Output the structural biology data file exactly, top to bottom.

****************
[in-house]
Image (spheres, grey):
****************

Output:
[in-house]
Image (spheres, grey):